Thank you for sticking with me through this as I know it makes most queasy!  I can also add for your amusement, that when ordering dinner tonight, I ordered only pork products and skipped the chicken!  :)

Shouting out a fond farewell to Lila, Matilda and Raven.  You were all lovely birds and so glad we had the opportunity to raise you up so that you can nourish our bodies as nature intended.  We will miss you all but your stories will be told for years to come!

Nighty night, Cluckers.

Thursday, November 14, 2013

Coq au Vin

Some thoughts as I prepare for tomorrow. 

The time has come to learn how to kill, gut and prepare our birds to use as food.  Yes, the sound of this is grusome and repulsive, but knowing my birds have had a great life here compared to a factory farm makes me feel good about it.

A wonderful Old Order Mennonite woman, Rachel Hoover, who lives on a dairy farm just down our road, graciously agreed to teach me the fine art of killing and dressing chickens.  She is a mother of 7 and most of the time I run into her, she is in the barn tending to their cows.  Last night, I stopped by the farm to confirm our project details and was greeted by the gaggle of kids all smiles.  They are definitely less creepy and suspicious of 'fancy folk' as our more modern car driving plain neighbors.  Go figure!  After all was confirmed, I set out to get my head together planning what I need.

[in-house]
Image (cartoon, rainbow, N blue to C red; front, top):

I found afew blogs/web sources on small scale chicken processing.  I will continue to review tonight so I make sure anyting we could possibly need is on hand as this will be messy.  Mrs Hoover is mainly looking for me to provide a table, boiling pot of water and an open flame for burning off feathers and fuzz after we pluck them.  I have seen other items that will help- bucket to catch blood, ice bucket, clean and soapy water buckets and trash can for feathers/guts.  I have also seen pics of what to expect in the gutting process.  I was never a great biology student, but it is kind of cool to check out guts!  Also, will be able to find out some clues on the health of our birds which will hopefully help with the other birds and future birds! 

The plan is:  The kids will help me box Lila in the morning.  We've been saving a large box just for him!  They can say their goodbyes.  Raven and Matilda (2 of the young roosters) will also be contained as they are a bugger to catch!  All 3 birds will be oven stuffer roasters by the time the kids return from school and we will be planning our pen design for some Cornish Crosses in the spring if all goes well!  We cannot keep the meat birds with the flock for various reasons.  But we have plenty of space left on the acre we pay out the butt for so here it goes!  Wish me luck!  Hope to document the process with pics, video and the steps we took.